The Apple store in Munich (AP/Lukas Barth)

Hackers release Apple data

AntiSec, an offshoot of the Anonymous hacker collective, makes its latest political statement [UPDATED]


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Natasha Lennard
September 4, 2012 11:34PM (UTC)

AntiSec, a prankish offshoot of the Anonymous hacker collective,  released 1,000,001 Apple device ID profiles, a fraction of the 12 million device IDs it claims to have obtained. While Apple users may be concerned about the public release of the data – numbers that identify all Apple devices, often including a user’s personal information – the source of AntiSec’s leak is more unsettling still. According to its characteristically boisterous release, the millions of ID numbers were taken from an FBI agent’s laptop, which they hacked earlier this year.

With scant regard for grammar, the hacktivists explained in the release their decision to expose Apple users’ personal data as their “best bet” to instigate public outcry over the FBI’s phone surveillance apparatus:

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It seems quite clear nobody pays attention if you just come and say 'hey, FBI is using your device details and info and who the fuck knows what the hell are they experimenting with that.' [W]ell sorry, but nobody will care. FBI will, as usual, deny or ignore this uncomfortable thingie and everybody will forget the whole thing at amazing speed.

According to security expert Peter Kruse, who has been investigating the validity of AntiSec’s claims, the leaked data genuinely corresponds to Apple Unique Device Identifiers (UDIDs). He tweeted, “Apple UDID leak is real. I have confirmed three of my devices in the leaked data.” (HuffPost Tech this morning published a post for Apple users on how to check if your UDID was among the leaked material.)

It is not clear why or how the FBI (or, for that matter, any party aside from Apple) would have an extensive list of device identifiers. The file containing the information, according to AntiSec’s release, was taken during a March 2012 hack on the computer of New York-based Supervisor Special Agent Christopher K. Stangl from the FBI’s Regional Cyber Action Team.

“Some files were downloaded from his Desktop folder, one of them … turned [out] to be a list of 12,367,232 Apple iOS devices including Unique Device Identifiers (UDID), user names, name of device, type of device, Apple Push Notification Service tokens, zipcodes, cellphone, numbers, addresses, etc,” the AntiSec statement noted.

There’s currently no evidence to suggest that the FBI was actively tracking any of the devices listed. However, earlier this year, an extensive report from the American Civil Liberties Union, based on over 5,000 law enforcement agency documents, concluded that “The government is routinely violating Americans' privacy rights through warrantless cell phone tracking.” Unsurprisingly, then, AntiSec sympathizers have been quick to highlight the political importance of the hackers’ controversial release. The official Twitter feed of Occupy Wall Street posted, “The American people demand to know how and why the FBI got 12 million Apple device users’ private info.”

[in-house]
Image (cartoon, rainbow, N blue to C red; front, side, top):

The New York FBI Office’s press line gave Salon “no comment” on the issue.

Despite their self-styled reputation as pranksters in it “for the lulz,” AntiSec members are forthright in stating their political allegiances and anarchistic underpinnings. (“This is our next challenge: to decide whether to become tools for the system, or for ourselves,” they wrote.) Their statement today also included solidarity messages to Bradley Manning, Pussy Riot (“Hang in there babes!”) and dissidents in Syria, Tunisia and Egypt. They make special note too of Jeremy Hammond, a Chicago-based hacker currently facing charges relating to the December 2011 Statfor Hack. Hammond was among a handful of activists turned over to the FBI by AntiSec and LulzSec hacker-turned-informant Hector Xavier Monsegur (aka “Sabu”).

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Whether more will come from what AntiSec describe as their “auditing” of FBI activity is yet to be seen. The hacker collective stated that they would not be speaking to journalists unless a very specific demand is met: an image of Adrian Chen, a male Gawker staff writer who has written critically about Anonymous tactics, must be featured on the Gawker front page for a whole day with the reporter wearing a ballet tutu. Until Chen meets the demand, the hackers vow to stay quiet. Chen has responded, “I'm totally open to the possibility. I know I look pretty good in a tutu.” We’re on tenterhooks, Adrian …

Update: The FBI has released the following statement in response to AntiSec's announcement:
"The FBI is aware of published reports alleging that an FBI laptop was compromised and private data regarding Apple UDIDs was exposed. At this time there is no evidence indicating that an FBI laptop was compromised or that the FBI either sought or obtained this data."

Whether AntiSec will respond in turn is yet to be seen. Meanwhile, Gawker has posted a fetching photo of their writer, Adrian Chen, tutu-clad with a shoe on his head -- a condition the hacker collective said had to be met before they would give more information to the press.


Natasha Lennard

Natasha Lennard is an assistant news editor at Salon, covering non-electoral politics, general news and rabble-rousing. Follow her on Twitter @natashalennard, email nlennard@salon.com.

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